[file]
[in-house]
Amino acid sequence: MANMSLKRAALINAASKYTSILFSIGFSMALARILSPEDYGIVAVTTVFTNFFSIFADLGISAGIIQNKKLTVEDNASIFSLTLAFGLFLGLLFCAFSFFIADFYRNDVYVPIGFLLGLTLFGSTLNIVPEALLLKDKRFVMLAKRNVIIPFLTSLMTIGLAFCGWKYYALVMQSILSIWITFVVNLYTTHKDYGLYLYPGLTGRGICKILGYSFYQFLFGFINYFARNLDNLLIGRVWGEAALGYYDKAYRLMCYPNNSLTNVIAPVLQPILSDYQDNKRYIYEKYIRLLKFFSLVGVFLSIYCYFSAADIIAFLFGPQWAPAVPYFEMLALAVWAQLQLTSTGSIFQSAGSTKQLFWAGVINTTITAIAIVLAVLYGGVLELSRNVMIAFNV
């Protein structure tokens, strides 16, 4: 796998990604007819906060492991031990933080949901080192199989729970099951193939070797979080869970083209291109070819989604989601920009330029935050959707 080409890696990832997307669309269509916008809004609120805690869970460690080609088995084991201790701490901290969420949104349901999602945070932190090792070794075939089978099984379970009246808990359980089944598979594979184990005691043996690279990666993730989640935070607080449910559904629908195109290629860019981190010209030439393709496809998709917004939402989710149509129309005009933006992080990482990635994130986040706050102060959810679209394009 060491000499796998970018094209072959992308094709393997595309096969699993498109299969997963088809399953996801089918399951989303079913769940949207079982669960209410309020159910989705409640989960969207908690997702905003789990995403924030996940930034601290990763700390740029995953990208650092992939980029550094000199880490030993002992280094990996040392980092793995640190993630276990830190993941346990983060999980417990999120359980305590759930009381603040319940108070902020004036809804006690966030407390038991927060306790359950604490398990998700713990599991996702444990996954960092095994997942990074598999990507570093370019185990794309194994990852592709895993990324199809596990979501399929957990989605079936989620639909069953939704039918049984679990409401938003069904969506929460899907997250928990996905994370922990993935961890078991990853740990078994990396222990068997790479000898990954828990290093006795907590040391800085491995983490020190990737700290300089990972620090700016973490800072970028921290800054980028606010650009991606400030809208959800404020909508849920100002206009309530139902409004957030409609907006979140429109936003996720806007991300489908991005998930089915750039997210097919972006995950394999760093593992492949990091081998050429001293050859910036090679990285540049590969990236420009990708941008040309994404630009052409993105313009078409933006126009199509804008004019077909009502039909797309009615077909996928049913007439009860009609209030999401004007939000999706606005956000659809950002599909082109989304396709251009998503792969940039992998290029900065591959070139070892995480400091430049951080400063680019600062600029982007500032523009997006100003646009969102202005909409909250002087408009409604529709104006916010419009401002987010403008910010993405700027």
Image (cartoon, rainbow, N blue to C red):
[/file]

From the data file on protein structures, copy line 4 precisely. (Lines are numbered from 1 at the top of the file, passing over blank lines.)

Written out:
Image (cartoon, rainbow, N blue to C red):